Has the smartwatch’s time finally arrived?

The time could finally have come for Fossil's smartwatch
The time could finally have come for Fossil's smartwatch
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If there’s one market that moves faster than technology, it’s fashion. Since the days of upstairs sewing sweatshops in the East End, the rag trade has been renowned for turning around the latest designs from Milan and getting them into Matalan in less than the time it takes to lace a pair of shoes.

So when fashion and technology collide, there ought to be a conveyor belt of new products arriving on the shelves with each change of season.

The end-of-range sales that go on around this time of year in the smartwatch sector is a first indication of this cycle. The owners of such trinkets, it is reasoned, will have two reasons to update last year’s purchase, since both the insides and outsides will have passed their sell-by dates.

Based on technology alone, smartwatches have never really gained the traction that was anticipated when Apple unleashed the first ones. That’s because, since they mostly replicate the functions of mobile phones, no-one has ever really found a compelling use for them. You need a phone paired to your smartwatch before you can fully use it, and for many functions, the watch is little more than a remote control for the handset.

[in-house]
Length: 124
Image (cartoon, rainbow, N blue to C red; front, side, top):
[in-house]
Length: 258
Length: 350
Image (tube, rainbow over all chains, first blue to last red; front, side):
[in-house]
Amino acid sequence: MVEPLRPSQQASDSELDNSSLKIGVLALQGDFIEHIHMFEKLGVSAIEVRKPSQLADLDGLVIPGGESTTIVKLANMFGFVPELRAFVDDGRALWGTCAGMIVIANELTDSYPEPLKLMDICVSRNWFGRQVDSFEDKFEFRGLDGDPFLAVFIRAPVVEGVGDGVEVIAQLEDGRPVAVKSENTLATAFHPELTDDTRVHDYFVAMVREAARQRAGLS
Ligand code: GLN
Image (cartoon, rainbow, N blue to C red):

But watches are nothing if not fashion accessories, even for men, and it is the fashion industry that has come to their rescue.

The Fossil Group, which makes jewellery, handbags and the like for such brand names as Armani, Michael Kors and Diesel, is now also one of the world’s principal purveyors of watches built around Google’s “Wear” operating system, a rival to Apple’s WatchOS. Its models are different on the outside but identical inside.

The fourth generation of these watches is making its way into the shops now, with upgraded technical specifications and styling quirks, while at the same time, the 2017 range is being offered at nearly £100 less than the original price.

The new models are distinguishable by being swim-proof and by the inclusion of a GPS receiver, heart rate monitor and a chip that lets you use them at shop tills instead of a contactless card. But the processor is the same as last year’s, so it remains to be seen whether the new functionality slows things down.

Unless you’re desperate to monitor your heart rate and frightened of being seen on Carnaby Street with last year’s accessory, the previous range is a much better buy. Around £180 at sale prices gets you a third-generation model in a range of sizes and styles, with a steel strap thrown in. Upon their release at this time last year, these were a considerable step up from what had gone before, not least with displays that filled the whole of the watch face.

There are limitations, though. The display can be hard to see in bright sunlight, and they need to be charged all night, every night, otherwise they’re useless the next day. But they do have the advantage of infinitely customisable screens that can change from analogue to digital according to your whim. They can also display calendar events, emails and other messages. And, of course, they tell the time with split-second accuracy.

If you’ve been considering one, and if you have an Android phone with which to pair it, a third-generation Fossil or one of its sister brands is a compelling proposition right now. At a little over half the cost of the cheapest current Apple watch, their time could finally have arrived, even if they do have last year’s date.